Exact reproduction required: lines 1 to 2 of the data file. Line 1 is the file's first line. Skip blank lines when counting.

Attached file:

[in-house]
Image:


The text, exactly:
[in-house]
Image: